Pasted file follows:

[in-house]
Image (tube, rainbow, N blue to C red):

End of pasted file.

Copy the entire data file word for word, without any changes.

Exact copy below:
[in-house]
Image (tube, rainbow, N blue to C red):